• T Clark
    7.2k
    I don't understand why you broke this off from the other one. They seem relevant to each other. I wouldn't be surprised if a moderator put them back together.
  • tim wood
    8.1k
    I'll kick this can. It would seem that being is nothing at all, except as the one for whom it is a concern says it is. For me, beings are whatever I encounter: no encounter, no being. Of course the famous question is, "What is the Being of beings?" And I suspect the answer to that is analagous to questions as to truth. That is, no such thing except as an abstract collective label for all the trues, for truth, and all the beings for Being.

    A different and sharper question is, "What does it mean to be (an X as an X)?" But this simply refers back to the one for whom the question is an issue, a matter of concern.
  • 180 Proof
    6.5k
    What is Being?
    Nothing but an empty name. A transcendental, or categorical, placeholder. The shadowing of shadows ...

    "Being of beings"?

    Void of (swirling, swerving) atoms. Nameless dao of the ten thousand things. (Unmanifest) natura naturans of (manifest) natura naturata. Brahman of māyā. Etc.

    "The meaning of being?"

    (Look at how "being" is used in any language-game.)
  • Banno
    15.1k
    Asking "what is being?" is asking "How do we use the word 'being'?"; a point worth keeping in mind, since it is immediately apparent that you can use it as you will, and unfortunately many students of philosophy do.

    Here are two puzzles, from Frege and Russell, that must be explained if one is to treating "exists" as a property.

    1. What is the difference between a sweet, juicy, red apple and a sweet, juicy red apple that exists? The difference between a red apple and a green apple, or a sweet apple and a sour apple, is pretty clear. But explaining clearly what is added to an apple by existing...?

    2. It's not difficult to understand an apple that is not sweet, or an apple that is not red - but an apple that does not exist? What is it?

    This is why existence is not treated as a predicate in logic. That is, there is no simple way to parse. "Xtrix exists".

    This goes for the sentence at the beginning of the puzzlement expressed in the OP: "There is something" has no straightforward translation in logic. Now that of course doesn't mean one cannot use it, but if you are going to use it you have some obligation to be clear about what it is you are doing with it.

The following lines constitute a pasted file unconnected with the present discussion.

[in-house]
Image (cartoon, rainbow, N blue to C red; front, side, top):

One way to picture this that saying that something exists is not yet doing anything; it's akin to putting the pieces on the board in preparation for playing the game, and so not a part of the game as such.

    We can add some more complexity to the discussion by noting the presumption involved in equating "being" and "existing". The etymology of "be" is complex, "It is the most irregular verb in Modern English and the most common"*; while "exist" and "exit" are standing out and stepping out, respectively. So take care, lest you exit instead of exist.
  • Olivier5
    3.6k
    But explaining clearly what is added to an apple by existing...?Banno

    The actual apple.

    an apple that does not exist? What is it?Banno

    It is an idea about a non-existing apple. What else could it be?

    existence is not treated as a predicate in logic. That is, there is no simple way to parse. "Xtrix exists".Banno

    ∃ Xtrix = there exists Xtrix
    ∄ Xtrix = there does not exist Xtrix
  • unenlightened
    6.1k
    Ontology is the concern with what is - sometimes called 'the furniture of the world. - unenlightened is a unique structure of matter. Or unenlightened is an embodied soul.

    But "what is being?" is best answered with "Yes, being is what is". An alternative and even more informative response would be "Being is, and nothing happens." That is to say that being refers to the static state at a moment in time, and nothing to the continuous flow and transformation that being undergoes from one moment to the next.

    Too much of nothing
    Can make a man ill at ease
    One man's temper might rise
    While another man's temper might freeze
    In the day of confession
    We cannot mock a soul
    Oh, when there's too much of nothing
    No one has control.
    — His Bobness
  • EnPassant
    550
    If we define existence as the 'thereness' or presence of what is eternally and define being as a more developed form of mere existence (life) we can say the following: